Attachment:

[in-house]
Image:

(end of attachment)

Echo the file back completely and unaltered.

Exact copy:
[in-house]
Image: